On July 7 1944, Charles “Chuck” Walker vividly remembers being sent on a long-range bomber escort mission over Hungary. Just as the young pilot was focusing on driving off German Messerschmitt 109s, his plane was hit in the left engine. Mistakenly, Walker separated from his squadron, which left him weakly in the midst of a number of German aircrafts.
Nearly instantaneously, one of the Messerschmitt 109s shot the tail of Walker’s plane and finished him off. The next thing Walker remembers is regaining consciousness on the ground.
Despite the crash, Walker credits his relatively safe landing to the prayers of someone at home. It was not until later that Walker discovered that his church was having a prayer meeting specifically for the young pilot the week that he was shot down.
“I firmly believe in prayer and the need for prayer,” said Walker.
Walker’s story does not end there, however, as he stumbled into some farmers near his crash site. Optimistically hoping that the men would help him escape, he was proven wrong as the men attacked him with their fists and tools, knocking him unconscious yet again.
Shortly after, Walker was transported to a cell in Budapest. At 50 square feet, his cell consisted of a straw tick in one corner and a paint bucket that would serve as his toilet in the other corner. There, Walker spent approximately 30 days in solitary confinement.
“Hitler had this idea that if you kept a prisoner in solitary confinement without much to eat, they would talk,” said Walker. “He thought we would do anything just to get someone to talk to, but he found out that Americans were tougher than he thought.”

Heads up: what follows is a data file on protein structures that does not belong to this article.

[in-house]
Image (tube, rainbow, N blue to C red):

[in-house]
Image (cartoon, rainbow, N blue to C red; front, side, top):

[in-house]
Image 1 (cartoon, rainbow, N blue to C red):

The pilot was moved to another cell at an interrogation center in Frankfurt, Germany. For ten days Walker was interrogated, sometimes with a gun pointed to his head and always without a decent source of food or water.
After departing Frankfurt, Walker traveled with hopes of being liberated. Without decent winter clothes, the pilot noticed at one point that he was beginning to freeze to death due to harsh snowfall. Additionally on top of unsavory weather conditions, the travelers also lacked sufficient water, food, and sleep.
Walker recalls the joyous feeling he experienced when he saw tanks making their way through the camp where he was staying. His group was the first to be taken to the airstrip, which would then transport them to Reims, France.
Once in Reims, Walker and the other men were de-loused and put on a ship to America. When he was enlisted, the pilot reportedly weighed 155 pounds. After his time spent in solitary confinement and at the interrogation center, he weighed approximately 120 pounds.
Despite his experience as a Prisoner of War, Walker has never abandoned his love for flying. Just last month, the 93 year old took to the skies of Fresno as part of Ageless Aviation Dream Flights.